With a career spanning eighty years, Luchita Hurtado is only now receiving the recognition she so rightly deserves. The 98-year old Venezuelan-born artist, who has produced an extensive body of work that has rarely been seen in public until recently, has not only been featured in Time magazine’s list of the 100 most influential people of 2019, but is staging her first UK solo exhibition this summer at London’s Serpentine Sackler Gallery.
Entitled ‘I Live I Die I Will Be Reborn’, the exhibition traces the trajectory of Hurtado’s career, revealing the scale, experimentation and playfulness of her artistic talent. From her earliest surviving works from the late 1930s and experiments with abstraction in the 1940s and 50s, to her later creations, pieces reflect her vision of the human body as a part of the world, not separate from it, and take herself and her immediate surroundings as her subject, as well as the more expansive themes of nature and language.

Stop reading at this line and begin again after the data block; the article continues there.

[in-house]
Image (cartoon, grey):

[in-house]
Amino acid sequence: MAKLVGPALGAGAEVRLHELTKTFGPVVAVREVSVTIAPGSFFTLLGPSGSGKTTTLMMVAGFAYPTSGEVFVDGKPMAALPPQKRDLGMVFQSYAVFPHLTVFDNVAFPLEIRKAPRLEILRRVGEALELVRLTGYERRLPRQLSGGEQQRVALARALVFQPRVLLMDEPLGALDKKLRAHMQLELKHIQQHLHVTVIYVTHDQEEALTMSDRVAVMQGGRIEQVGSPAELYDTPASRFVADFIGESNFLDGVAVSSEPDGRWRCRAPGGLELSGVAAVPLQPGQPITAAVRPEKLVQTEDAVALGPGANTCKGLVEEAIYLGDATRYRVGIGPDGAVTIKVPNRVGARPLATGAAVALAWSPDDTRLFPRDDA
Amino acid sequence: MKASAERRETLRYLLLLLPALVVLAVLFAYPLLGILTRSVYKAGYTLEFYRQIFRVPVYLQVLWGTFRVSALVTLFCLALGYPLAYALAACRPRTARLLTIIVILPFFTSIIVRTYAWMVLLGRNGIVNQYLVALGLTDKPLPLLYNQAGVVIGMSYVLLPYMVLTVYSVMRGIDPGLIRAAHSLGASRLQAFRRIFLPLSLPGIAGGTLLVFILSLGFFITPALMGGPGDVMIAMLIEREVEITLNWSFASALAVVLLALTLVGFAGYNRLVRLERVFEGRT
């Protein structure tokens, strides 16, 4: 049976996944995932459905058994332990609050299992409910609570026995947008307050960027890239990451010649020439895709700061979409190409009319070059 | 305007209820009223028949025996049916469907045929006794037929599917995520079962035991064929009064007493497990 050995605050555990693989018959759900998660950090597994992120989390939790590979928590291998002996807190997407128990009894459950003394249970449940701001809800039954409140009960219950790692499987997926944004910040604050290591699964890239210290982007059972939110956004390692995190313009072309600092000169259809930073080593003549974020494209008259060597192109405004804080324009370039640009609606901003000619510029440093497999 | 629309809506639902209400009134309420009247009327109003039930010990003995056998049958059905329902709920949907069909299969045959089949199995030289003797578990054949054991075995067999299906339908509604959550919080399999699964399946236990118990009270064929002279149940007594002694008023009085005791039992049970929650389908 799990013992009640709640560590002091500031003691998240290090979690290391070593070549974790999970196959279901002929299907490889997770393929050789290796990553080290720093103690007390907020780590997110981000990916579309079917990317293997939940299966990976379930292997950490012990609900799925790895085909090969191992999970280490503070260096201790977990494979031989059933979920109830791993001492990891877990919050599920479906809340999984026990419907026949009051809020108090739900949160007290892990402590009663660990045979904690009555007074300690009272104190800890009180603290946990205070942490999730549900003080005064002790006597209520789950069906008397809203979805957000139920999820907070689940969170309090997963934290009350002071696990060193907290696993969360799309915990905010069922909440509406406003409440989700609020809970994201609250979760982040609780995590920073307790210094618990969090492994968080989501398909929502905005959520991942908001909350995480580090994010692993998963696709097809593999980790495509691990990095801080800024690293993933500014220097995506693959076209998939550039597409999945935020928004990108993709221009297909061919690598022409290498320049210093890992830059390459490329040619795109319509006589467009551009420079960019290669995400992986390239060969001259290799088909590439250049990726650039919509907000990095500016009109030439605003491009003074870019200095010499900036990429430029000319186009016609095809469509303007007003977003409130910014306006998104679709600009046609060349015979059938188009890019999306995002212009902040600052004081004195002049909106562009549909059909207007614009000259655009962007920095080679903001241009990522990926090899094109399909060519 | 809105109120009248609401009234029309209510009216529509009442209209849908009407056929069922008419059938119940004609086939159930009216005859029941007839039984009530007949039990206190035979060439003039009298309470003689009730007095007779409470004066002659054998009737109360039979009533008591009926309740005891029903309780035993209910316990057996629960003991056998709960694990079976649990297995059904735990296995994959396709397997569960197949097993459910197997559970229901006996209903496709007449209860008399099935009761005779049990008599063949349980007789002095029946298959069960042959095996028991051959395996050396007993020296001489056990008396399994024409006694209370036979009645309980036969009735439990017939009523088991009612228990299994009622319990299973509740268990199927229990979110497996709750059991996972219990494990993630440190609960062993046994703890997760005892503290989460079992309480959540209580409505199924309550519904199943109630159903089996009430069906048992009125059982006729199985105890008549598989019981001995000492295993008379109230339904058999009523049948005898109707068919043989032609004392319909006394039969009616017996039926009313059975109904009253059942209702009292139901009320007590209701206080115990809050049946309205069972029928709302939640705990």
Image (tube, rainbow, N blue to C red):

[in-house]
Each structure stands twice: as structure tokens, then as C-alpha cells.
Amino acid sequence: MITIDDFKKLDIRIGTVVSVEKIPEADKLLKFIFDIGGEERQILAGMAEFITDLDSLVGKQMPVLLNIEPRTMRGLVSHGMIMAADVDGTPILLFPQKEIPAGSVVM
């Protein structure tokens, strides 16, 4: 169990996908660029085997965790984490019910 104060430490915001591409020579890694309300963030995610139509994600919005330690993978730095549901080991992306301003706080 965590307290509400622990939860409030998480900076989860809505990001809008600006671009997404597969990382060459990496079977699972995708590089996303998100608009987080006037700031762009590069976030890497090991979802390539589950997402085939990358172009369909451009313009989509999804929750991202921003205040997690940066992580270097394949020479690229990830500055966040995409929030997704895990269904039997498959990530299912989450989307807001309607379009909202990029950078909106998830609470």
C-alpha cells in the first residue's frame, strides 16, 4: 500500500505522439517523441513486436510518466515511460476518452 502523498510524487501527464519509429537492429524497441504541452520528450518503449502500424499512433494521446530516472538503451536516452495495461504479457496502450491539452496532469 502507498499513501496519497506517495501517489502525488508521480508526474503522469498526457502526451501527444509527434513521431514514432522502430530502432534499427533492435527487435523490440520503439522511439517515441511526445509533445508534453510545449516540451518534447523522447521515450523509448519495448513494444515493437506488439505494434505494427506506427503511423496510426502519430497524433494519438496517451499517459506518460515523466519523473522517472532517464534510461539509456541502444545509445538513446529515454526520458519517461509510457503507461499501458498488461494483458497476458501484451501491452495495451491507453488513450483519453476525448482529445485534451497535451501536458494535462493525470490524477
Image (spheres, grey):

Hurtado moved from Venezuela to the United States in 1928, and in addition to her work as an artist, she is a poet, ecologist, and an activist, and can also count photography and fashion design among her talents. She has spent time with many other renowned creatives, including Isamu Noguchi, Rufino Tamayo, Frida Kahlo, Marcel Duchamp and Willem de Kooning, and her marriages to the artists Wolfgang Paalen and Lee Mullican placed her at the center of the Surrealist scene in Mexico City and the progressive Dynaton movement in California.
Hurtado’s work does not reflect historical art trends or conventions, and over the years she has developed a diverse oeuvre which is clearly reflected in this new exhibition.
‘Luchita Hurtado: I Live I Die I will Be Reborn’ runs from 23rd May until 20th October.